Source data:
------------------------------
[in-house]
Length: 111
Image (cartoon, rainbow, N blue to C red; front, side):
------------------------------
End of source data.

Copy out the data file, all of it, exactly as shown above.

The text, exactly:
[in-house]
Length: 111
Image (cartoon, rainbow, N blue to C red; front, side):